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Continued from April  2013 CTI Newsletter

25 Years Of Dry Ice Fog On The Phantom Of The Opera

There has never been a show as successful as The Phantom of the Opera.  It's the longest running show in Broadway history and has played all over the U.S. and the world on tour.

 

Here are a few facts and figures about the show:

  • Played to over 130 million people in 29 countries in 150 cities around the world with an estimated gross of $5.6 billion worldwide. The box office revenues are higher than any film or stage play in history, including Titanic, ET, Star Wars and Avatar.
  • Played for more than 26 years and almost 11,000 performances at Her Majesty’s Theatre, London
  • Won 70 major theatre awards including 3 Olivier Awards, an Evening Standard Award, 7 Tony Awards including Best Musical, 7 Drama Desk Awards and 5 Outer Critic Circle Awards.

One of the most important moments in the show is when the Phantom takes Christine in a boat to his underground lair. The stage is filled with low lying dry ice fog and the effect is one of the most memorable in theatre history.  The story of why this type of fog is used, how it is created, how it is controlled, and how it is maintained each night by the backstage crew is a great example of how professional theatre is done at the Broadway level. 

 

The Broadway company of Phantom uses six City Theatrical SS6000 Dry Ice Foggers which are finishing their second decade on the show. 

 

We had a chance to speak with Alan Lampel, who has been with Phantom since the beginning and has run the show night after night for over 25 years.


Adam Lampel
Alan Lampel

Credits
Andrew Bridge - LD 
Vivien Leone - Associate LD (USA)
Robert Fehribach - Production Electrician
Alan Lampel - Head Electrician (original)

CTI:  How did dry ice fog come to be used on the original production of Phantom? 
A.L.:  Dry ice fog was used on the original West End production.  Six machines were always prescribed for the Broadway production. We opened the show using the very traditional “55 gallon drum” type machines. Because of the extended use of production and previews, those original machines were quite well worn within a year.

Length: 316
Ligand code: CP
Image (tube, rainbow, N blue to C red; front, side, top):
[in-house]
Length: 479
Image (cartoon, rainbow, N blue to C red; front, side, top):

CTI:  Describe how fog is used in the show.
A.L.:  The dry ice type fog, at least in my opinion, is the best way to create the perfect “NAP of Water” surface effect. The greatest challenge to succeeding at this is to minimize the air currents and breezes that so easily “blow” the effect away.  The NAP, at its very best, should be a minimum of six inches to a maximum of around a foot.  There needs to be enough to provide for a foggy Underground Lake surface that the Phantom’s gondola may appear to float gently on through a maze of independent candles, magically punching up through that same foggy surface. The six inch minimum is to successfully cover up the 100 plus miniature trap doors while the boat makes its journey.

CTI:  How did the idea of a more durable dry ice fogger come about?  What challenges were you facing on the show?
A.L.:   We opened the show using the very traditional “55 Gallon Drum” type. Because of the extended use of production and previews, those original machines were quite well worn within a year.  For the next three years, a great deal of maintenance went into what was a fairly flimsy product. Then, City Theatrical started to put out what was to be the most durable product available, in the stainless steel SS6000 series fog machines.  Around 1994 a custom set of  SS6000s were  made for the Phantom Music Box tour. It was at that time that Bob Fehribach and company decided to get a set of six SS6000s for the Broadway and Christine Dae productions, as well as the Raoul touring company. 

Well certainly in hindsight, the amazing success of this show speaks to the need for durability. Yet the sheer physical demands exerted on each machine, 8 times a weeks, for so many years, takes it’s toll.  

CTI:  Please describe the layout of the machines and the ducting to the stage.
A.L.:   T